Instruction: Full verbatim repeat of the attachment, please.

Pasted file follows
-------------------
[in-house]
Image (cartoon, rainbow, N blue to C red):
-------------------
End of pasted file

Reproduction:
[in-house]
Image (cartoon, rainbow, N blue to C red):